Teachers all over the world are under much more pressure to get their students to perform well on tests in an environment of reduced resources and larger classes. At the same time they are having to fulfil extra managerial, entrepreneurial and administrative tasks, familiarise themselves with new reporting technologies and requirements, and even foster business partnerships. In such a situation they have little time for professional development and reading.
The material effects on individual teachers can be gauged from the statistics relating to the rising rates of teacher stress, burn-out, cynicism and resignation that have been the impetus behind the numerous government and academic inquiries into the teaching force.
One in two teachers in the US don't stay in the profession for more than five years.
A study by the National Commission on Teaching and America’s Future estimated that cost of escalating teacher turnover as $7 billion in the 2003-4 school year. Around 500,000 teachers leave the profession each year and teachers have to be recruited and trained to replace them. Well over 90 percent of teachers surveyed in the US believed the NCLB Act with its various requirements was contributing to “teacher burnout”.
In a survey of 900 teachers by Public Agenda and Learning Point Associates 40 percent said they were disheartened with teaching. Disheartened teachers generally believe teaching is “so demanding, it’s a wonder that more people don’t burn out". 87% of disheartened teachers are over 33.
In New Zealand, the changes in teaching role and the increased administrative workload have led to declining job satisfaction, and increased teacher turnover.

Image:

In NSW, Australia, teachers accounted for almost half the stress payments in 2003 for all government employees.
In the UK teachers have also been deserting the profession in droves. In 2005 only 60 percent of qualified teachers remained in the profession three years after graduating. The number of teachers retiring early from the profession increased dramatically in the five years to 2006. The National Union of Teachers claims that one in three teachers have suffered mental health problems because of the stress of the job, where they are assessed on the basis of their students performance.
To deal with the work overload faced by teachers and the rapid rise in teacher defections from the profession, the Labour Government has funded a dramatic increase in non-qualified teacher support staff in schools. These classroom assistants are cheaper than qualified teachers, yet they are being used in some cases to teach classes instead of teachers and in 2003 school principals were given the ‘flexibility’ to hire non-qualified teachers to perform teaching duties. Nevertheless, teachers have not seen any significant reduction in their workloads.
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